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Lesueur Ridge
Kananaskis, Alberta
May 12, 2017

Distance: 8.7 km
Cumulative Elevation Gain: 339 m

Lesueur Ridge will never make it in the top 100 hikes, but the open southern slopes are certainly inviting, and the counterclockwise loop described in Kananaskis Country Trail Guide was easy to follow. It’s also in an area that I hadn’t been to before so I was guaranteed novel sights.

Starting at the east end of Lesueur Ridge, I climbed the trail up the south slope through a mix of trees and meadows before hitting the ridge crest. The ridge is mostly treed, so to get far-ranging views I dropped down a bit to a grassy promontory. I tried following a trail from the promontory but when it faded, I cut through to get back on the main trail. Continuing on, I broke out of the woods to follow the edge of a bleak clearcut. Here I passed the summit, so nondescript that I was unaware of it.

When I reached a cutline, I followed it down to where it intersects a road just above Lesueur Creek. The road soon turns and drops down to the creek, but I continued straight, following a single track: Lesueur Creek trail. The trail dips down and briefly runs alongside the creek before climbing to traverse pleasant open slopes, one of the nicest sections of the trip. I cruised back under a blue sky to the fork 500 m from the trailhead.

Normally, mountain approaches are confined to trees before reaching an open summit, but Lesueur Ridge is topsy-turvy. The ridge crest is mostly treed, but the accessible south slopes enjoy expansive meadows where the best hiking is found. And that was okay with me!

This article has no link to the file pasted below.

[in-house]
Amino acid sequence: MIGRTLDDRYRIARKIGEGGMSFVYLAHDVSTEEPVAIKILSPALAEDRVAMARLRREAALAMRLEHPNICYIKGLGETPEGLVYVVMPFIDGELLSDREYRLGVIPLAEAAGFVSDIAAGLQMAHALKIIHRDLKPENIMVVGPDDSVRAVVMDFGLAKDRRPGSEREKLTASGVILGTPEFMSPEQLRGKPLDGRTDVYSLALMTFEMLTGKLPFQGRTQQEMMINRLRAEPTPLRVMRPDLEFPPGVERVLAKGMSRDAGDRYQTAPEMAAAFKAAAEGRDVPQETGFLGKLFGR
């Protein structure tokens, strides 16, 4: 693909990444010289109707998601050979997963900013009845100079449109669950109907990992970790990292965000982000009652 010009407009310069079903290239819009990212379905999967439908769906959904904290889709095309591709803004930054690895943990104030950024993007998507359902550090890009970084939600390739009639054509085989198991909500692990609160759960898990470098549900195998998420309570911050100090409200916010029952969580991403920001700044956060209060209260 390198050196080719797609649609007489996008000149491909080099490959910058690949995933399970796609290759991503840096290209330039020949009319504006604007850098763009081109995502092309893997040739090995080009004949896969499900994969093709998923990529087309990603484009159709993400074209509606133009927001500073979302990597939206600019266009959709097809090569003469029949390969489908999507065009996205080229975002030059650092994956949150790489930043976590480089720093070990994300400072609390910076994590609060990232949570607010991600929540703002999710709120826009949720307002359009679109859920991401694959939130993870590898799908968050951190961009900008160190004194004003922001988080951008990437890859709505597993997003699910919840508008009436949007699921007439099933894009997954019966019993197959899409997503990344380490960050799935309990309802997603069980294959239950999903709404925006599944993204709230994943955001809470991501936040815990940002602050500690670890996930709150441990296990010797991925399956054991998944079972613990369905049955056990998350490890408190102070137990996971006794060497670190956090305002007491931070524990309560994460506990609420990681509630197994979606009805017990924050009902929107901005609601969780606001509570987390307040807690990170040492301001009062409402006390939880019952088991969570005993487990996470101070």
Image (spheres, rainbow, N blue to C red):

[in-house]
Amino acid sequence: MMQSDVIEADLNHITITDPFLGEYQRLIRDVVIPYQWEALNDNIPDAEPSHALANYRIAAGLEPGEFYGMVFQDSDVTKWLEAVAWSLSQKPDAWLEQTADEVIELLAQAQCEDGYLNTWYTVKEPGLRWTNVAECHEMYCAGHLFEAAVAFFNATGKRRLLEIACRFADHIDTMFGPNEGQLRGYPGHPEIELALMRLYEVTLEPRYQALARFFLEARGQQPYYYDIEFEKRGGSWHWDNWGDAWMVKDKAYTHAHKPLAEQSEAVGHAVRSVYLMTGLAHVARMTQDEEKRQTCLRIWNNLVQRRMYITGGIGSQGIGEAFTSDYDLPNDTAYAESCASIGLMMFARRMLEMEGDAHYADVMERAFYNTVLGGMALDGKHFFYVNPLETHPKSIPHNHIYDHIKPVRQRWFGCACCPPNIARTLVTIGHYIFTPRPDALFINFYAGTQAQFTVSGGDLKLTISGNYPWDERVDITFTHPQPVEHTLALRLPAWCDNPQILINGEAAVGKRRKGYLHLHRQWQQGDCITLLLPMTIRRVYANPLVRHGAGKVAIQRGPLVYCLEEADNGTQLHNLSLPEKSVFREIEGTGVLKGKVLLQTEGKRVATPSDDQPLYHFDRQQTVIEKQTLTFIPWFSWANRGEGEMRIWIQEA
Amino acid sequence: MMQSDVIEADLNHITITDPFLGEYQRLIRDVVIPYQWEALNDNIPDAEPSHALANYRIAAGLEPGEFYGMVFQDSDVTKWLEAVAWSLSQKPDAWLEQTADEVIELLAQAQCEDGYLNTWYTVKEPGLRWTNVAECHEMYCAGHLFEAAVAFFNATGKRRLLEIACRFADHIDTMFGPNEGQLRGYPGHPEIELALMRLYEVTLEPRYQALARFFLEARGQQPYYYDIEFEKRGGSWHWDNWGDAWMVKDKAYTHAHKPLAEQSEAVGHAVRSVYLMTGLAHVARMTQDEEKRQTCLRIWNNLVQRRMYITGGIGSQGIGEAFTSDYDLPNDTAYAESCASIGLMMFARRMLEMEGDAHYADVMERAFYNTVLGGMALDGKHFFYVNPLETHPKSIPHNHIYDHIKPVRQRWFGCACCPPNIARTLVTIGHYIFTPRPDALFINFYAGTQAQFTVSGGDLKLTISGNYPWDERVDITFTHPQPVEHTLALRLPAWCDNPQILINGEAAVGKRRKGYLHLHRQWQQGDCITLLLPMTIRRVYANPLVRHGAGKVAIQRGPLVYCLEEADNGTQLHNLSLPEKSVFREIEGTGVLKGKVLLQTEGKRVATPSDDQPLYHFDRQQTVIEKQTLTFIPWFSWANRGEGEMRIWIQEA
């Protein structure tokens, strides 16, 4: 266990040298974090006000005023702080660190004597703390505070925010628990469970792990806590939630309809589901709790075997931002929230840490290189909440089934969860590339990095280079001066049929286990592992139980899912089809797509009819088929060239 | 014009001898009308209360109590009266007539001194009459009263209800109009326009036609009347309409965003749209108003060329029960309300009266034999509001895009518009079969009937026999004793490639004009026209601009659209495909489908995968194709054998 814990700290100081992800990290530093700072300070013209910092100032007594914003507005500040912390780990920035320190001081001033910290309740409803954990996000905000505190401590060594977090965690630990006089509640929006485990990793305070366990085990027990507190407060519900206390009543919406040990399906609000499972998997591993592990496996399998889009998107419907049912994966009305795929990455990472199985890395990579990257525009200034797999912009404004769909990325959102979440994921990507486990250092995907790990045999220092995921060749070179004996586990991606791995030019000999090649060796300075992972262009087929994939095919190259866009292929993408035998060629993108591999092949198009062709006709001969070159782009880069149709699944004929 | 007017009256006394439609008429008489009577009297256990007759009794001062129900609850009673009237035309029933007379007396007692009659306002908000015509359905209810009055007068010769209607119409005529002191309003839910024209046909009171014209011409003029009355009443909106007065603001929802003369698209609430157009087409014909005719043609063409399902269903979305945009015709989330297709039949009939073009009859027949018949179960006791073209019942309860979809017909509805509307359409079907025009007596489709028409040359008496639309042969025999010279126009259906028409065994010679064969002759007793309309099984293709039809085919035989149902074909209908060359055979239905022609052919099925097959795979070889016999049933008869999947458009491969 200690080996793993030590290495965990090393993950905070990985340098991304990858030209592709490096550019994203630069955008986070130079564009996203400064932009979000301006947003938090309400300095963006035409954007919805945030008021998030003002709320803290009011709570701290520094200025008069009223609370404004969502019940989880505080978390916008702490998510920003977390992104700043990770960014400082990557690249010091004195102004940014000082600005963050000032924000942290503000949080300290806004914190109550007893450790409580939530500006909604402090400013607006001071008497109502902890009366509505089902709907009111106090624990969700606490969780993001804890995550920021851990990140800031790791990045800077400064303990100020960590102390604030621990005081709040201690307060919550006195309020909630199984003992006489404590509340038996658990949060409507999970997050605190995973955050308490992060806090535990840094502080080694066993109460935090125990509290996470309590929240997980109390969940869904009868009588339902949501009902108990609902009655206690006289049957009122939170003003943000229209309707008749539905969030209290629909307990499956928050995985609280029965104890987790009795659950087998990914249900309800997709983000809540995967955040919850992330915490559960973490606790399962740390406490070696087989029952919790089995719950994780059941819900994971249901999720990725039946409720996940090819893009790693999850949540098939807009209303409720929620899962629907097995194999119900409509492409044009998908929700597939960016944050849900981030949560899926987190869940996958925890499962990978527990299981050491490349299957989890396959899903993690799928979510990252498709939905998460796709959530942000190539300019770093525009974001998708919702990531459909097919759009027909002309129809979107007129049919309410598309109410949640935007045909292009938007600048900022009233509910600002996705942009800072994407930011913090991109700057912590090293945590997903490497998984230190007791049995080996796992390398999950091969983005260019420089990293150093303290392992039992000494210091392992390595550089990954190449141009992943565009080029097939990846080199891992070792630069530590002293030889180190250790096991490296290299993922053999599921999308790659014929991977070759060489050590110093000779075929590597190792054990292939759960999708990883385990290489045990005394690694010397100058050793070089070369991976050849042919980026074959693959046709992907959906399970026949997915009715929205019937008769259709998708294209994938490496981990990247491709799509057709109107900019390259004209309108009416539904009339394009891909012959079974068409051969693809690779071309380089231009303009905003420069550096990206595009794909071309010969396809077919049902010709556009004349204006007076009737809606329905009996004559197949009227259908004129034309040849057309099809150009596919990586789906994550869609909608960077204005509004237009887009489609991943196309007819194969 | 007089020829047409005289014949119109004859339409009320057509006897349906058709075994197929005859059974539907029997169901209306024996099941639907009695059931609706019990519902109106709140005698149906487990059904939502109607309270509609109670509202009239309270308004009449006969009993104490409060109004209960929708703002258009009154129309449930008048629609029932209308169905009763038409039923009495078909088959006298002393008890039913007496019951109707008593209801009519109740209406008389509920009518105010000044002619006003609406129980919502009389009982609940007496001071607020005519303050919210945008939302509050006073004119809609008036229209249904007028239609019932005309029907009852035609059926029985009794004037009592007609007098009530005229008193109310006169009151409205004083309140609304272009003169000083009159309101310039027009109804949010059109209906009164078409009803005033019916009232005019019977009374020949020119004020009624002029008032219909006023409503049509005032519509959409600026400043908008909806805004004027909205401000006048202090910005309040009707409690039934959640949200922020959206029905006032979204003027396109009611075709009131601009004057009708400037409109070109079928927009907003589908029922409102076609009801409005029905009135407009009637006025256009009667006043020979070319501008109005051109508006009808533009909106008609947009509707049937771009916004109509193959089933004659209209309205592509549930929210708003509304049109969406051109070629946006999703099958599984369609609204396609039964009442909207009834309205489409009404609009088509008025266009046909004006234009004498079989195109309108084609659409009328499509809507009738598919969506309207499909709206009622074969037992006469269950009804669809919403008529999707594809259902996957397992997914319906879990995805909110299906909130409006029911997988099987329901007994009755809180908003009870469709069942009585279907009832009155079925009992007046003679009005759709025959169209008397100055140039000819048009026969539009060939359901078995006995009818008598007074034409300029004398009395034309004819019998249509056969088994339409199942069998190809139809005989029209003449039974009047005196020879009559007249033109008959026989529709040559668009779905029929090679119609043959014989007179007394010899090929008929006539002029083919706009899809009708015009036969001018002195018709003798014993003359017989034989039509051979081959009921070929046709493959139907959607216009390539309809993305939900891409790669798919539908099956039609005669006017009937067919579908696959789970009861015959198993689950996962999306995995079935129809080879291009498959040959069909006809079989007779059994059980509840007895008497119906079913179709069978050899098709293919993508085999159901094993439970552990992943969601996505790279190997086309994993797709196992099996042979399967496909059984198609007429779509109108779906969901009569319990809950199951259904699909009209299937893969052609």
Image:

KML and GPX Tracks

Lesueur Ridge seen from the trailhead

A few minutes after starting out, I reached a fork. I went straight ahead but came out on a trail on the left.

Much of the ascent is steep

Eventually the ridge crest came into view

The grassy promontory on the left provides the best views

The trail bends right, but a path on the left goes to the must-visit promontory

The backside of Association Peak shows the relatively easy slopes Dinah and I used in our 2007 ascent

Devils Head

Black Rock Mountain

The trail continues along the ridge through some aspens

The summit sits on the edge of a clearcut

The route continues down a cutline

Just before the cutline hits Lesueur Creek, the route turns left onto a road (turn right to go to Hill 385838)

The road soon turns right and drops down to the creek, but a single track continues ahead

The trail briefly runs alongside Lesueur Creek

And then it climbs well above the creek. Behind are Devils Head and Black Rock Mountain.

The final stretch leads back to the fork that I passed near the start

A few flowers, like these early blue violets, appeared on the slopes

82 O/7 Wildcat Hills, 82 O/6 Lake Minnewanka

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